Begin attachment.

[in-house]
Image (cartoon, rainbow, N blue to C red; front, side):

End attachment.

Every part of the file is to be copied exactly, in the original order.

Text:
[in-house]
Image (cartoon, rainbow, N blue to C red; front, side):